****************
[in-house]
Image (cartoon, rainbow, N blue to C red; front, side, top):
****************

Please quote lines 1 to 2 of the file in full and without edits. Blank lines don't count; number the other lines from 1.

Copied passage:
[in-house]
Image (cartoon, rainbow, N blue to C red; front, side, top):